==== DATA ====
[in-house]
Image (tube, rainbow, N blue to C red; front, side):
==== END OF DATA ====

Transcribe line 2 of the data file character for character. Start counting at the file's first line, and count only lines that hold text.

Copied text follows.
Image (tube, rainbow, N blue to C red; front, side):